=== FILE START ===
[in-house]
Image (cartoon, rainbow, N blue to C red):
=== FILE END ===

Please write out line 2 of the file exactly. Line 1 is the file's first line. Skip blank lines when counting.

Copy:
Image (cartoon, rainbow, N blue to C red):